I believe you. It’s not your fault. You are not alone.
Last Friday more than 500 people from throughout the Quad Cities gathered in Bettendorf around tables set with delicious meals and vases of sunflowers. But it wasn’t the food or the decorations that brought us there. The elected officials and police officers, social workers and ordinary folks like me came for a shared purpose: to raise awareness and money for women, children, and men who have survived sexual assault.
The keynote speaker, Kelly McReynolds, courageously shared her own story of rebuilding her life after rape. She’s a survivor and now a therapist at Family Resources (an incredible local organization that benefited from the fundraiser and is also supported by the offerings of St. Paul). Kelly used her platform to call out a culture where assault is pervasive and normalized, where power is unchecked, and women are seen as objects and not people.
Near the end of her talk, she gave all of us some pretty clear instructions, “if someone tells you their story, their experience of assault – this is what you say: I believe you. It’s not your fault. You are not alone.”
Those words washed over that banquet room like a wave of grace. Those simple statements of assurance and compassion and truth echo words for our own sacred scripture. I heard in her voice, words of the Apostle Paul, “weep with those who weep” and “bear each other’s burdens.” She spoke in ways that made tangible the prophet Micah’s words to “do justice and love mercy and walk humbly.”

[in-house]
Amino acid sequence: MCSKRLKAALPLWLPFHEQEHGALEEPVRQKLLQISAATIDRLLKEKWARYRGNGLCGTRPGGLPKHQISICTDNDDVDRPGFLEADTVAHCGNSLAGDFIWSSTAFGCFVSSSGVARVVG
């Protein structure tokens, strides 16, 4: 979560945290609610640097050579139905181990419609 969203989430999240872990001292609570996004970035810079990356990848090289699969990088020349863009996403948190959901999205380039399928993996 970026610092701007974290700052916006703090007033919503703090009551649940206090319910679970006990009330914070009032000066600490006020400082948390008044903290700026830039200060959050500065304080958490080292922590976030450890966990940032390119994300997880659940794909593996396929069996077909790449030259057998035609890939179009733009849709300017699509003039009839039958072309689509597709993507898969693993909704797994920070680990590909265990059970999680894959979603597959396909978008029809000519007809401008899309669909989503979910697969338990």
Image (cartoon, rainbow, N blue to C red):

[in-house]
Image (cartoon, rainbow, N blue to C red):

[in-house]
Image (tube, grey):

I could almost hear Jesus whisper those words to that unnamed woman, surrounded by the men who were ready to stone her for her supposed adultery. “I believe you. It’s not your fault. You are not alone.” Maybe we can imagine the Good Samaritan kneeling next to that person beaten and robbed and left on the side of the road, “I believe you. It’s not your fault. You are not alone.”
As followers of Jesus, this ought to be our script when we are confronted with stories not just of sexual assault, but every kind of injustice, violence and oppression that seeks to dehumanize, denigrate and destroy God’s precious people. As we listen, we can say “I believe you” and in doing so move from silence and doubt toward truth and trust. We can say, “It’s not your fault” and help to replace shame with worthiness. We can live the promise “You are not alone” and step forward together from isolation toward belonging.
Behind every news story and tweet and joke is a living, breathing, feeling person. Well, actually, lots of people. When every 2 minutes another woman, child or man in the United States is sexually assaulted, our faith demands that we work together so that no one experiences such horror, and everyone can live abundantly with joy and purpose and dignity.
–Sara Olson-Smith, associate pastor